Here is some of the Causes and Treatment of Feather Plucking

As common as this problem is, it is also one of the hardest problems to solve. Every one of these birds has undergone one form of stress or another. The secret of curing these birds is to identify the stresses, eliminate or minimize them, and then try to break the bird’s deep-seated habits. The more emotional and sensitive the bird is, the more susceptible it is to this problem. African grey parrots and cockatoos are over represented because they fit this profile.

A- Malnutrition is the number one cause of feather picking . These are birds that have been fed a seed diet containing large numbers of sunflower or safflower seeds. Parrots are exceptionally fond of oily sunflower seeds. However, a diet rich in sunflower seeds does not meet the bird’s nutritional demands. These seeds are too high in fat and too low in vitamin A and protein. With time, their skin becomes dry and flaky. Their cere becomes thickened and the nostrils small, scaly and irregular. Their body feathers lack luster and color. They suffer from sinusitis as well as respiratory infections. Sometimes the areas surrounding the eyes become puffy and swollen. Molts often becomes irregular or incomplete. Many of these parrots begin to over-groom and destroy their feathers. Since individual feathers are retained too long in this condition they also become torn and frayed. These birds need to be gradually switched to a high quality pelleted diet. However, the parrot may continue to pluck out of habit even when it is returned to balanced nutrition. In this case, the problem, though initially nutritional, has become psychological.

B- Psychological Stress is common among cage birds. When a bird is under stress, it often resorts to
excess grooming e.g. plucking its own feathers out. If the bird’s head is plucked, it is a cage mate that has the problem. One common cause of psychological stress is sexual maturity and the urge to bond and court a mate. If the owner is accepted as the birds mate and has the time to interact with the bird, things go fine. However, if the bird becomes frustrated, plucking often results. This problem is worst in grey parrots, cockatoos and macaws but it occurs in all parrots. Parrots normally come in to breeding condition shortly after day length begins to increase. Birds under artificial lighting are more erratic. Another cause of psychological stress is too small a quarters or housing that lacks stimulating and interactive toys and objects. In the wild, a parrot spends 50-80% of its time searching for food. When the need for foraging for food is removed, the birds have an enormous amount of free time on their hands. One way to occupy this time is to groom the feathers. Some birds literally groom their feathers off, for lack of other pastimes. The secret of success with these cases is to provide a stimulating environment for the bird. This should consist of toys, novel areas and raw branch perches of differing diameter that the bird can chew on. Along with placement of the cage near a window with a view, bells, hide-boxes, mirrors and any safe objects that the bird shows interest in, will help provide a stimulating environment. Adding craft paper bags for the bird to enter or a nest box for the pet to sleep in may also help.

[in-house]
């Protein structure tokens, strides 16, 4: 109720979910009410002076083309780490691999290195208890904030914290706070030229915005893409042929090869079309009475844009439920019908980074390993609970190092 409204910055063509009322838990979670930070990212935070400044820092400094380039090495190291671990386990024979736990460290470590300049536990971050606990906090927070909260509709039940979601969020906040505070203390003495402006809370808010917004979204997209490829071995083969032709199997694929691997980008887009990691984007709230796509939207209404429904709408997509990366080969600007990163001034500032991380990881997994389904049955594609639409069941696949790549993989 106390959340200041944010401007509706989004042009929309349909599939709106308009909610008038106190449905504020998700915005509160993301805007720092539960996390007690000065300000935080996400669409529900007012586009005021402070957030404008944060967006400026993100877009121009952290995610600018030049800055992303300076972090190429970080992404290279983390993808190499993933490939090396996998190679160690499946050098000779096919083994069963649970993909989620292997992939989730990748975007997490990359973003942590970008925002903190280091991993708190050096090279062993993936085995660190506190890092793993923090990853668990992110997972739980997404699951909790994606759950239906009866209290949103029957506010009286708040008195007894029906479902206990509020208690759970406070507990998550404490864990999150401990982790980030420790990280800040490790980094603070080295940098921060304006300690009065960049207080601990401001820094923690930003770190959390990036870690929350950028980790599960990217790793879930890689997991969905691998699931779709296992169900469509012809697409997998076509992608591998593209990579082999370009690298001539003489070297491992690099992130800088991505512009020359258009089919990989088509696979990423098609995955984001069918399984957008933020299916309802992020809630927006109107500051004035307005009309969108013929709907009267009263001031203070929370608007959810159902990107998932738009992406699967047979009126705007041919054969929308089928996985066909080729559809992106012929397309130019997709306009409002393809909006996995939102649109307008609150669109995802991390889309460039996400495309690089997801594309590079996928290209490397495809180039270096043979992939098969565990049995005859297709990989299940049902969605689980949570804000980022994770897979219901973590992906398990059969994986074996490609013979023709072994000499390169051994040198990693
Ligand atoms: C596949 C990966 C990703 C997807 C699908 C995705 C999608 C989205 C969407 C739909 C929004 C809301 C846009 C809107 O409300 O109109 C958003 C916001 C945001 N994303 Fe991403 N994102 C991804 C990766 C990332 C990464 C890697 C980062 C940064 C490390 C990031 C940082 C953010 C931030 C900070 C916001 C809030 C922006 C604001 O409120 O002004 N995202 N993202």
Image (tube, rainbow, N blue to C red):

Many of these birds that become veteran self-puckers have been doing it on and off for years and need medications to break the habit. Drugs that have been used successfully for this problem include the hormone Depopovera which alters mood and mood-altering medications that work directly on the brain, such as Elavil and drugs that decrease obsessive-compulsive behaviors such as Clomacalm.

C- Parasites are reported to occasionally cause feather itching and feather plucking.

D- Internal organ disease of a chronic nature, such as hepatitis or egg yolk peritonitis and abdominal tumors often manifests itself as self-trauma to the feathers.
Birds with feather picking should undergo a thorough physical examination by an experienced avian veterinarian as well as laboratory evaluation to determine the underlying cause and most appropriate treatment